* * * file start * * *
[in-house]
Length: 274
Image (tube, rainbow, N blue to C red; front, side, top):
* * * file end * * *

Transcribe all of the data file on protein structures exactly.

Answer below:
[in-house]
Length: 274
Image (tube, rainbow, N blue to C red; front, side, top):